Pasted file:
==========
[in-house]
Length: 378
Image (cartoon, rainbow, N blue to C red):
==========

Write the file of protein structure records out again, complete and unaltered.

[in-house]
Length: 378
Image (cartoon, rainbow, N blue to C red):